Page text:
43rd Anniversary: Growing together with refugee in Bogor

14 November 2023|JRS Asia Pacific

Growing together with Refugees in Bogor.


JRS Anniversary

I began my journey with Jesuit Refugee Service (JRS) Indonesia in July 2020. The journey is not so long, but it’s remarkable. My name is Ajeng Anggraeni Putri. People often call me Ajeng.

The beginning

It is my third year working with JRS Indonesia. In July 2020, I began my journey as a Health Assistance Officer based in Bogor, Jawa Barat. To be honest, I was so anxious and afraid in this position. What am I afraid of and anxious about? First, I am new in refugee issues, and second, I do not have any background in medicine. Although I am not quite new to working with NGOs, I still feel anxious and afraid. I do believe that we always find blessings in disguise everywhere. In my very first journey working with refugees in Indonesia, I learned many things. I learned about medical terms. Well, it’s overwhelming. Being a Health Assistance Officer was a huge responsibility. It’s about people’s lives or even life-death. When I got a message or health request, I just could not ignore it. The first thing I did was read the letter from the doctor. Many times, I could not read the doctor’s handwriting. So, I asked another acquaintance doctor to read the letter. After that, I did some research on the illness. Next, I would ask about the current condition of the person who got sick or ill. And last, if JRS could provide the support, we would accompany them to have a doctor’s visit. This whole thing was a new experience for me. I thank my colleagues who helped me adapt and supported me.


In 2022, JRS Indonesia changed its approach to serve the refugee community in Indonesia. Its change also influenced the team rotation, especially in the project area. I got to experience a new thing again: a new role as a Community Empowerment Officer. “What does community empowerment mean?” was my first question when I got this chance. I began another small research and learned what community empowerment is about. In short, it allows me to see another perspective on providing service to the refugee by collaborating with the refugee community.

2020 – 2021 was like a roller coaster for me. In contrast, 2022 brought more positive energy to me. At the beginning of the approach change, I felt pessimistic. However, it turned out I learned about strength by working closely with the refugee community in Bogor. I shifted my perspective on seeing the refugee vulnerability. I did not mean to put aside the vulnerability of the refugee, but in a sense, I also found their strength and capabilities to respond to their own limitation. “Each of us is just like a glass of water. It’s not always fully empty or fully full. It can be only half of it. We bring something within ourselves, and we can fill each other like a glass of water.” This saying becomes my weapon when engaged with the refugee community in Bogor. I believe that refugee also has skill and capability that can help them to decide something on their own.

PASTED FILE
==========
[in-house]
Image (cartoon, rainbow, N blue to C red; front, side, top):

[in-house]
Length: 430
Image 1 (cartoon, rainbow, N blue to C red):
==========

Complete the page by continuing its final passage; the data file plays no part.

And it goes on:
To preserve love

Working closely with the refugee community means that JRS and the refugee walk side by side: respect, trust, and openness to each other, and that is how I define the JRS accompaniment. We learn to share ideas, inputs, and responsibilities to find or even create an opportunity. JRS and refugees cannot do it alone. Peter-Hans Kolvenbach, SJ said, “We are all collaborators in creation.” Each of us can give contributions to each other.

Having experience with JRS Indonesia and the refugee community in Bogor gives me opportunities to learn something I am not familiar with. At the same time, I learned how to have good communication: how to respond to messages in a good way – non-violence communication. It’s not merely how to communicate but also how to listen.

During these 3-years, I learned how to listen. Listening is a powerful skill. By listening, I better understand the refugee lives in Indonesia, the challenges they face, and all their limitations. By listening, I better understood their ideas and plans during their transit in Indonesia. By listening, I feel their strength and hope: their determination and dedication to serve the refugee community here. I’m grateful to know and work with the refugee community in Indonesia. It’s truly a blessing. They teach me to be patient: that there is hope in the midst of despair, that we chase after happiness in the midst of sorrow, that we live our lives and fight with all strength.

How could you contribute to a future of peace?

I always imagine the future of peace is a world full of tolerance and no war. Imagining that idea then, I realised I couldn’t do it by myself. It started with ourselves. The things that I can contribute to a future of peace are to keep being kind regardless of the people’s background and listen more. Trust me, listening will open many windows in front of you.


What are your hopes for the future?

I hope people find a safe place in their home country where they can create and pursue their dreams. I hope people are willing to listen more and open to a discussion where they can respect, trust, and understand each other. And I hope we can live together harmoniously with each other and our natures.